Additional Celiac Disease Concerns
Many people who are concerned that they may have celiac disease are not sure where to begin. Many people simply stop eating gluten and call it a day, choosing to avoid what can be a long, drawn-out process of getting an official diagnosis.
The fact that celiac disease is commonly misdiagnosed will come as little surprise to anyone who's ever gone through what can often be a long, circuitous process of getting diagnosed. Celiac symptoms can be vague, and can mirror symptoms fem numerous other conditions.
People with celiac disease need to maintain constant vigilance against gluten-exposure. Even those celiacs who avoid gluten need to be on guard against nutritional deficiencies, and to check with their doctor when taking certain drugs.
A few years ago I ceased writing about the SCD (Specific Carbohydrate Diet) here on celiac.com because I feared I might be an impostor. I was never formally diagnosed as celiac by way of a biopsy, and despite bloating, night rashes, brain fog, unpredictable bowel habits and headaches the main cause was identified as IBS (Irritable Bowel Syndrome). Still, the old shoe fit, because every time I tried to behave like a non-celiac, I got ill, very ill.
In addition to being a common ingredient in many commercial food products, gluten is also used in numerous medications, supplements, and vitamins, often as an inert ingredient known as an excipient.
Are chefs are improving their awareness of gluten-related disorders? That's one of the questions addressed in a new 10-year follow-up study in the UK.
Gluten is a common ingredient in many commercial food products. Less commonly known, however, is that many manufacturers use gluten as an inert ingredient in such products as medications, supplements, and vitamins.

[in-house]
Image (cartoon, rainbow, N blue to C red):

A blogger who hawked a book and app claiming gluten-free diet cured her terminal brain cancer now admits she never had cancer in the first place.
The steep costs of getting products into major grocery chains has claimed another notable start-up, the Charlotte-based gluten-free foods company, Bumbalooza.
Here is Celiac.com's Easter 2015 list of SAFE candy, UNSAFE, NON–gluten–free candies, and with a partial list of major candy makers with links to their company websites.
Researchers are calling for an overhaul of cleaning and decontamination procedures in the face of a study showing that three out of 20 flexible gastrointestinal (GI) endoscopes (15%) pose an infection risk, because they are contaminated with unacceptable levels of human biological matter.
Not all Mexican fast food chains are created equal when it comes to gluten-free options. Here is a list of Mexican fast food chains that do a good job with gluten-free food.
Officials at UCLA Ronald Reagan Medical Center have warned 179 people that a fairly routine endoscopy procedure may have left them exposed to a drug-resistant 'super-bug' that infected seven patients, and may have contributed to two deaths.
Are short rising times in commercial breads promoting in celiac disease and gluten-intolerance?
These brands of gin, whiskey and vodka are made with gluten-free ingredients, and safe for people with celiac disease and wheat sensitivity.
Food intolerance is non-immunological and is often accompanied by gastrointestinal symptoms. What can a review of scientific literature teach us about the causes, diagnosis, mechanisms and clinical evidence regarding food intolerance and gastrointestinal symptoms?
On December 9th, 2014, Anna Marie Phillips filed a lawsuit in Santa Clara County Superior Court against P.F. Chang's China Bistro, Inc., headquartered in Scottsdale, Arizona, for discrimination and violation of the Americans with Disabilities Act.
A concerned mum asked me, "Should I dabble with a gluten-free diet?" Well, that got me thinking. The answer is, "Yes! and no!" Experimentation is part of learning and living. We have to start somewhere in our pursuit of learning about gluten. So dabbling is a good start--but you need a plan, or else you will get nowhere and feel confused.